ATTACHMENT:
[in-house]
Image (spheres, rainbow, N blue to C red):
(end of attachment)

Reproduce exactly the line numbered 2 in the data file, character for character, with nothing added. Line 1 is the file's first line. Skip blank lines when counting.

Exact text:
Image (spheres, rainbow, N blue to C red):